The cadence of one of my translated sentences yesterday reminded me about the fate of old golfers, and I could not remember whether real men eat quiche or not. If the truth be told, I was not entirely sure if Kisch was involved. That advice about sounding out the word in your head in order to figure out how to spell it does not always work. On the quiche spelling question, I was insufficiently motivated to find out when I typed it yesterday, much to my subsequent chagrin.
What I did search for were sayings beginning with the words, “Old translators never die”, as I remembered an excellent one quoted in a ProZ forum discussion by Danish to English translator, Christine Andersen, “Old translators never die… they move into the Tower of Babel”.
Two days ago, the television announced that it was World Food Day, while my laptop informed me that this clashed somewhat with International Dictionary Day. I made the comment on Facebook that it was unfair to make me choose between the two. My dear sister replied that it was lucky that I had “already swallowed a dictionary” and therefore “have experience of combining the two”. It is this sort of thing which makes the quip attributed to Roy Cochrun, “Old translators never die, they just stop buying dictionaries” hit home in a personal way. I would like to amend this saying to, “Old translators never die; they just keep swallowing dictionaries.”
These last two, of course, merely serve to perpetuate the erroneous assumption that all you need to produce a good translation are a couple of dictionaries. This myth goes hand in hand with the oddity of the phenomenon that those who are most vocal in complaining about low rates may well be the very translators accepting them. Chris Durban of Fire Ant and Worker Bee is of the view that “Old translators never die, they just rant on” is an apt aphorism for those who fall into this category.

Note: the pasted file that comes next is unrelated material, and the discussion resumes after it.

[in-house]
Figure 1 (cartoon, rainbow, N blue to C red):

Lanna Castellano is credited with having said, “Old translators never die, they just meet their final deadline”. I bet there are some translators out there who would postpone their own death to meet a deadline, if they could. As Aurora Humarán observes, it is still not certain who the Final Client will be.
You can give yourself one of my hitherto unannounced “best grammatical friend” awards if you were irked by the differences in the punctuation of the four sayings highlighted in purple above. You can add a gold rosette to that if you come up with an “Old translators never die…” quip which makes me laugh.